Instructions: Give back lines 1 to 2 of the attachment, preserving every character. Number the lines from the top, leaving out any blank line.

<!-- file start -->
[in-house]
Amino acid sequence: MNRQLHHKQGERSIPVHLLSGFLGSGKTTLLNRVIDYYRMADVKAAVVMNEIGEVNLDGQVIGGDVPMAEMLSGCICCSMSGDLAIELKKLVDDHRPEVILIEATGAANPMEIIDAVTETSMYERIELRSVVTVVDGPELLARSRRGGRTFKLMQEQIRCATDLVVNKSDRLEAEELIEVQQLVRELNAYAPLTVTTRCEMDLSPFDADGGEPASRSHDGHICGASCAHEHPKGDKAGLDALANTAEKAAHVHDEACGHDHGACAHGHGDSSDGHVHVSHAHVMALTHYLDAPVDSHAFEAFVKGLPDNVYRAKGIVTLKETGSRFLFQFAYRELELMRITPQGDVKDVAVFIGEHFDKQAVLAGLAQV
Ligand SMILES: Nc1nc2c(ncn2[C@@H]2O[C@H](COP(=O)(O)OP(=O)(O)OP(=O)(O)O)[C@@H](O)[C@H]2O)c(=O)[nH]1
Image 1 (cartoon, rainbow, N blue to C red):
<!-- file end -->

[in-house]
Amino acid sequence: MNRQLHHKQGERSIPVHLLSGFLGSGKTTLLNRVIDYYRMADVKAAVVMNEIGEVNLDGQVIGGDVPMAEMLSGCICCSMSGDLAIELKKLVDDHRPEVILIEATGAANPMEIIDAVTETSMYERIELRSVVTVVDGPELLARSRRGGRTFKLMQEQIRCATDLVVNKSDRLEAEELIEVQQLVRELNAYAPLTVTTRCEMDLSPFDADGGEPASRSHDGHICGASCAHEHPKGDKAGLDALANTAEKAAHVHDEACGHDHGACAHGHGDSSDGHVHVSHAHVMALTHYLDAPVDSHAFEAFVKGLPDNVYRAKGIVTLKETGSRFLFQFAYRELELMRITPQGDVKDVAVFIGEHFDKQAVLAGLAQV